 we support a substantial increase in lending of at least $100 billion by the Multilateral Development Banks (MDBs), including to low income countries, and ensure that all MDBs, including have the appropriate capital.

18. It is essential that these resources can be used effectively and flexibly to support growth. We welcome in this respect the progress made by the IMF with its new Flexible Credit Line (FCL) and its reformed lending and conditionality framework which will enable the IMF to ensure that its facilities address effectively the underlying causes of countries’ balance of payments financing needs, particularly the withdrawal of external capital flows to the banking and corporate sectors. We support Mexico’s decision to seek an FCL arrangement.

19. We have agreed to support a general SDR allocation which will inject $250 billion into the world economy and increase global liquidity, and urgent ratification of the Fourth Amendment.

20. In order for our financial institutions to help manage the crisis and prevent future crises we must strengthen their longer term relevance, effectiveness and legitimacy. So alongside the significant increase in resources agreed today we are determined to reform and modernise the international financial institutions to ensure they can assist members and shareholders effectively in the new challenges they face. We will reform their mandates, scope and governance to reflect changes in the world economy and the new challenges of globalisation, and that emerging and developing economies, including the poorest, must have greater voice and representation. This must be accompanied by action to increase the credibility and accountability of the institutions through better strategic oversight and decision making. To this end:

 

 we commit to implementing the package of IMF quota and voice reforms agreed in April 2008 and call on the IMF to complete the next review of quotas by January 2011;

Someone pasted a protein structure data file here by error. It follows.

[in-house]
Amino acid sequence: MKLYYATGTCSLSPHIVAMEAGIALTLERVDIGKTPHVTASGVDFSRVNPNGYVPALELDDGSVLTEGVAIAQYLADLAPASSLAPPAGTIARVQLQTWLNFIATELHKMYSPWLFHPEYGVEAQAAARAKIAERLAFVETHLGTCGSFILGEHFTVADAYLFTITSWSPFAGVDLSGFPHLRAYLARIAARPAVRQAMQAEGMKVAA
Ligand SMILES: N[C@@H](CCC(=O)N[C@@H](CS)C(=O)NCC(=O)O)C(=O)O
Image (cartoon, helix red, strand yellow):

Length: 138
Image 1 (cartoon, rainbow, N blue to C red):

 we agree that, alongside this, consideration should be given to greater involvement of the Fund’s Governors in providing strategic direction to the IMF and increasing its accountability;

 we commit to implementing the World Bank reforms agreed in October 2008. We look forward to further recommendations, at the next meetings, on voice and representation reforms on an accelerated timescale, to be agreed by the 2010 Spring Meetings;

 we agree that the heads and senior leadership of the international financial institutions should be appointed through an open, transparent, and merit-based selection process; and

 building on the current reviews of the IMF and World Bank we asked the Chairman, working with the G20 Finance Ministers, to consult widely in an inclusive process and report back to the next meeting with proposals for further reforms to improve the responsiveness and adaptability of the IFIs.

21. In addition to reforming our international financial institutions for the new challenges of globalisation we agreed on the desirability of a new global consensus on the key values and principles that will promote sustainable economic activity. We support discussion on such a charter for sustainable economic activity with a view to further discussion at our next meeting. We take note of the work started in other fora in this regard and look forward to further discussion of this charter for sustainable economic activity.

Resisting protectionism and promoting global trade and investment

22. World trade growth has underpinned rising prosperity for half a century. But it is now falling for the first time in 25 years. Falling demand is exacerbated by growing protectionist pressures and a withdrawal of trade credit. Reinvigorating world trade and investment is essential for restoring global growth. We will not repeat the historic mistakes of protectionism of previous eras. To this end:

we reaffirm the commitment made in Washington: to refrain from raising new barriers to investment or to trade in goods and services, imposing new export restrictions, or implementing World Trade Organisation (WTO)

 

inconsistent measures to stimulate exports. In addition we will rectify promptly any such measures. We extend this pledge to the end of 2010;